Credit risk is one of the major financial challenges that exist in the banking system. Yet, so far many lenders have been slow to fully utilise the predictive power of digitising risk. This is despite a recent report from McKinsey showing that machine learning may reduce credit losses by up to 10 per cent, with over half of risk managers expecting credit decision times to fall by 25 to 50 per cent.
Why? Auditability. Traditional scorecards often make it easier to explain how a customer was scored to the customer and regulators alike.
Traditional models tend to focus on borrowers’ financials, categorising customers based on demographics, payment history, and other macroeconomic considerations. This makes it easier for financial institutions to show clear relationships between consumer behaviour and credit score.
However, the way consumers are spending, saving, and borrowing money is changing and so, too, is technology.
Using machine learning for credit analysis
With machine learning, banks and financial institutions are increasingly able to implement more science and less guesswork. Major financial institutions have been using AI to detect and prevent fraudulent transactions for several years.
For example, in 2017 JPMorgan Chase introduced COiN, a contract intelligence platform that, using machine learning, can review 12,000 annual commercial credit agreements in seconds. It would take staff around 360,000 hours per year to analyse the same amount.
AI-based scoring models combine customers’ credit history and the power of big data, using a wider range of sources to improve credit decisions and often yielding better insights than a human analyst. Banks can analyse larger volumes of data – both financial and non-financial – by continuously running different combinations of variables and learning from that data to predict variable interactions.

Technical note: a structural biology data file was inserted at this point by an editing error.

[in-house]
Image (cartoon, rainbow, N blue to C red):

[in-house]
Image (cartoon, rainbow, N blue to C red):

Building a credit risk classification model
A recent Proof of Concept (PoC) showing that running AI-based scoring models on Intel® Xeon® processors and using Intel® Performance Libraries can help banks boost machine-learning and data analytics performance.
Using Intel-optimized performance libraries in the Intel® Xeon® Gold 6128 processor helped machine-learning applications to make predictions faster when running a German credit dataset of over 1,000 credit loan applicants.
The major steps involved in designing the PoC solution are shown in Figure 1.
Dataset analysis: This is the initial exploration of the data, including numerical and categorical variable analysis
Pre-processing: Data pre-processing transforms the data before feeding it to the algorithm. In this case, it will involve converting the categorical variables to numerical variables using various techniques such as one-hot and label encoding
Feature selection: In this step, the goal is to remove the irrelevant features which may cause an increase in run time, generate complex patterns, etc. This can be done either by using Random Forest or Xgboost algorithm
Data split: The data is then split into train and test sets for further analysis
Model building: Machine-learning models are selected for training
Prediction: During this stage, the trained model predicts the output for a given input based on its learning
Evaluation: In order to measure performance, various evaluation metrics are available such as accuracy, precision, and recall
For more information, read the full case study to learn how using Intel® Distribution for Python* and Intel® Performance Libraries can help boost machine-learning and data analytics performance for credit risk analysis.
Develop the future of AI
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